Tears of Avia is largely built and paced around its battles, where the town segments are pointlessly dry and the story segments match, so much so that players will beg for these sequences to skim by. The combat segments are really the only portions of the game which feel like they went through some development time, as the rest of the gameplay portions come across like they were just slapped on to add superficial filler.

Tears of Avia Xbox

Tears of Avia on Xbox One is the very definition of an underachiever. It feels unfinished in almost every regard, and the combat is functional at best but offers nothing compelling in terms of gameplay variety or depth. There is a tactical turn-based RPG at the core, but nothing about it is designed to reel a player in or make them want to stick around. Tears of Avia will bring players tears of boredom even in its best moments. For publisher PQube, they’ve almost always been on the mark with their titles, but this time it feels like they got a little lazy with their quality curation. 

A lot of Xbox owners often claim that they get the short end of the stick when it comes to Japanese RPGs, what with Final Fantasy XVI being penned as a PlayStation 5 title and Nintendo fans getting games like Xenoblade Chronicles. Still, Xbox owners did eventually get Kingdom Hearts and soon Dragon Quest, and all while a steady stream of indie Japanese RPGs arrived on the digital storefront to provide plenty of choices. Admittedly, these choices are usually less than stellar, with most of the release cycle dominated by the legendary KEMCO.  Here at TheXboxHub we (well, it’s usually…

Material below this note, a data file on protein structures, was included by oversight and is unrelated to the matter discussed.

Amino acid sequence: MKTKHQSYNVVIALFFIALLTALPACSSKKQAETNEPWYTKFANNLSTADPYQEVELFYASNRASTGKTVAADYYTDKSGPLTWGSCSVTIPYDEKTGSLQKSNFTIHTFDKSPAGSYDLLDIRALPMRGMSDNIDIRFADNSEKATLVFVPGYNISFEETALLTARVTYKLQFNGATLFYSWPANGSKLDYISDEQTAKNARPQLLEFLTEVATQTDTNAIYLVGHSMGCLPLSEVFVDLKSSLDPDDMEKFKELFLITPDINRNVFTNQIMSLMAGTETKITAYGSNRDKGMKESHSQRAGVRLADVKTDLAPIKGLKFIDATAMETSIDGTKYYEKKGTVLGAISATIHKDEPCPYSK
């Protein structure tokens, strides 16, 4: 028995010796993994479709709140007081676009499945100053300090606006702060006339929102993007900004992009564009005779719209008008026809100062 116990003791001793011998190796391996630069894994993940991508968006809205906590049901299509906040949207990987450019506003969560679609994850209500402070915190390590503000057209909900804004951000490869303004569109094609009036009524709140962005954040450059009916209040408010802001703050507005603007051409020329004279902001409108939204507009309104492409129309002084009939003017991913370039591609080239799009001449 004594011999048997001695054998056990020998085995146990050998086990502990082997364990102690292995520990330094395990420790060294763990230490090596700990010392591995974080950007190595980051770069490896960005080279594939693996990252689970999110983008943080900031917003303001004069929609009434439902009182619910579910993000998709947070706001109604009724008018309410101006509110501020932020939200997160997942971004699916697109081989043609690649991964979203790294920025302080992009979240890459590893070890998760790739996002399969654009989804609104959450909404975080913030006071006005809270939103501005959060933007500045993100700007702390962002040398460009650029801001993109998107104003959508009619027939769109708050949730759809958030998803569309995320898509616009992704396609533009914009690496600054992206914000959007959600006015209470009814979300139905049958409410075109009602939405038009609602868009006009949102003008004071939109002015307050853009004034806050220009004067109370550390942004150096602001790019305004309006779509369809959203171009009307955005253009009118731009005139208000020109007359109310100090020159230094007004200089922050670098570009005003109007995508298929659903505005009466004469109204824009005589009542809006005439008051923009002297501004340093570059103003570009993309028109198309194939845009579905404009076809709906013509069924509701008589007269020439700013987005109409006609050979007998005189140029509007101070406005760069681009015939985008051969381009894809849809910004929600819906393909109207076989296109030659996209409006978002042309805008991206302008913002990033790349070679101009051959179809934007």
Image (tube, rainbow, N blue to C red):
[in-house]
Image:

Pros:

  • The combat functions somewhat

Cons:

  • It does less than the absolute bare minimum
  • Poor graphics and presentation
  • Gameplay lacking in depth and substance

Info:

  • Massive thanks for the free copy of the game go to - PQube
  • Formats - Xbox One (Review), PC
  • Release date - October 2020
  • Launch price from - £16.99
TXH Score

2/5

Pros:

  • The combat functions somewhat

Cons:

  • It does less than the absolute bare minimum
  • Poor graphics and presentation
  • Gameplay lacking in depth and substance

Info:

  • Massive thanks for the free copy of the game go to - PQube
  • Formats - Xbox One (Review), PC
  • Release date - October 2020
  • Launch price from - £16.99

User Rating: Be the first one !

1 COMMENT

  1. After the second dungeon, a large gem shows up and the characters say they ought to take it back to town to have someone examine it. I have played that very short dungeon about 30 times, and at the end, neither of them can actually secure the gem. They return to town, but then nothing happens, and they have to go through that same dungeon (second one of the game; very early) and the same thing happens every time. Does this mean the game is forcing you to fulfill all three goals listed, before it allows any advancement? Or, is my game glitched? I re-installed it already, but nothing changes. I have one of the three goals checked off, but that did not help. I was convinced the game is broken, but perhaps it forces you to repeat that level for as long as it takes to fulfill all three of the goals stipulated? That seems idiotic, but maybe it’s one of those.

What do you think of this article? Let us know here

This site uses Akismet to reduce spam. Learn how your comment data is processed.